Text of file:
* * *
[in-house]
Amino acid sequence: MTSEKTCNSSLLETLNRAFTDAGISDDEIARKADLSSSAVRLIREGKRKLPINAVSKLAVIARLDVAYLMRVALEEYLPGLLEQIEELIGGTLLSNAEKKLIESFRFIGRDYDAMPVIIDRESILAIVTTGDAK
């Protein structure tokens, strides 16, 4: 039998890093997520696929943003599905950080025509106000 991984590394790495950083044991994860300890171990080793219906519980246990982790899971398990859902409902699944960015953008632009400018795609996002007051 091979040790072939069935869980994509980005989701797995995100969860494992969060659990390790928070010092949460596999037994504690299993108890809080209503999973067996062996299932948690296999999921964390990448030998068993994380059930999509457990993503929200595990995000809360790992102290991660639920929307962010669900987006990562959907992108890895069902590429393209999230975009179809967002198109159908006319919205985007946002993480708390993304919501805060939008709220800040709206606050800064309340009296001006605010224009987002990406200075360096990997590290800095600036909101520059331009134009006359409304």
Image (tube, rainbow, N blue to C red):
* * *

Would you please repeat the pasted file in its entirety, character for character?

[in-house]
Amino acid sequence: MTSEKTCNSSLLETLNRAFTDAGISDDEIARKADLSSSAVRLIREGKRKLPINAVSKLAVIARLDVAYLMRVALEEYLPGLLEQIEELIGGTLLSNAEKKLIESFRFIGRDYDAMPVIIDRESILAIVTTGDAK
């Protein structure tokens, strides 16, 4: 039998890093997520696929943003599905950080025509106000 991984590394790495950083044991994860300890171990080793219906519980246990982790899971398990859902409902699944960015953008632009400018795609996002007051 091979040790072939069935869980994509980005989701797995995100969860494992969060659990390790928070010092949460596999037994504690299993108890809080209503999973067996062996299932948690296999999921964390990448030998068993994380059930999509457990993503929200595990995000809360790992102290991660639920929307962010669900987006990562959907992108890895069902590429393209999230975009179809967002198109159908006319919205985007946002993480708390993304919501805060939008709220800040709206606050800064309340009296001006605010224009987002990406200075360096990997590290800095600036909101520059331009134009006359409304």
Image (tube, rainbow, N blue to C red):